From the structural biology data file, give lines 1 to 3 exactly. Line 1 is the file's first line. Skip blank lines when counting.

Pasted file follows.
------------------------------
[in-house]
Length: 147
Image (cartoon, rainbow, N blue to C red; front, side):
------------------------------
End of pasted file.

[in-house]
Length: 147
Image (cartoon, rainbow, N blue to C red; front, side):